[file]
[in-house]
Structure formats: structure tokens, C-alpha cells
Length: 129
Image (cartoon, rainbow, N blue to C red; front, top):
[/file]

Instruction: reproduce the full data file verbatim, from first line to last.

[in-house]
Structure formats: structure tokens, C-alpha cells
Length: 129
Image (cartoon, rainbow, N blue to C red; front, top):